President Enrique Pena Nieto signed into law on Monday new rules governing a historic opening of Mexico’s state-run oil, gas and electricity industries to foreign and private companies.
Pena Nieto said the government will let potential investors know by Wednesday which blocks of gas and oil fields will be open for them. The state-owned oil company, Petroleos Mexicanos, or Pemex, has the right under the new rules to take first dibs and set aside some fields for itself. Pena Nieto said those set-asides will also be made public Wednesday.
The president also promised to start putting in place regulatory and oversight agencies to implement the new rules by the end of August.
Government control of the oil industry began with the 1938 nationalization of foreign oil companies, and it has long been a touchstone of Mexican nationalism. Energy Secretary Pedro Joaquin Coldwell acknowledged the new system has changed that.
“Today marks a watershed … a change in the energy paradigm. It is a change in the way we relate our national identity to energy, to bring it up to date with realities of the 21st century,” Coldwell said at the signing ceremony at Mexico’s National Palace, where beloved late President Lazaro Cardenas announced the expropriation 76 years ago.
The realities include a constant decline in oil and gas production in recent years as Pemex proved unable to open up significant deep-water or shale-gas production, both areas where the government hopes private firms will bring in expertise and tens of billions in investment.
The overhaul opens up production- and profit-sharing contracts for private companies that had been restricted to operating just as subcontractors for Pemex, without the ability to book reserves or gain a significant share in profits.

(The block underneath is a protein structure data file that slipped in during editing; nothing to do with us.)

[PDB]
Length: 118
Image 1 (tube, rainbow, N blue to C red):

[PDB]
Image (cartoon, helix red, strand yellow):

With drilling companies busy around the world, the first partial openings in the late 2000s proved unattractive. It’s unclear how much interest there will be in the new round of bidding, which is expected to open in early 2015.
The revamping passed by ample margins in Congress, due to support from Pena Nieto’s Institutional revolutionary Party, the PRI, and the conservative National Action Party, but many Mexicans still seem wary of the changes.
Seeking to reach average Mexicans, Pena Nieto promised they would feel the effects of the reforms in their pocketbooks, through lower power prices and more jobs.
Pena Nieto said that by passing the overhaul “we have overcome decades of immobility, and overturned barriers that prevented Mexico from growing.” One of those barriers has been the high price of natural gas, much of it imported, and electricity rates that are higher than in many parts of the United States.
“With this reform we can extract oil from deep waters and take better advantage of our vast deposits of shale gas, to generate electricity at lower prices,” Pena Nieto said.
It remains to be seen whether Mexico can assign complex contracts to private companies without the kind of kickbacks, favoritism and insider deals seen in the past. The law creates a national oil commission to take such decisions out of the hands of Pemex.
Mexico’s oil and gas production peaked in 2004 at 3.4 million barrels a day, declining steadily to 2.5 million barrels. With the reform, the government hopes to increase output to 3 million barrels by 2018 and 3.5 million by 2025, by attracting private companies with the expertise and technology to exploit the country’s vast shale and deep-water reserves.
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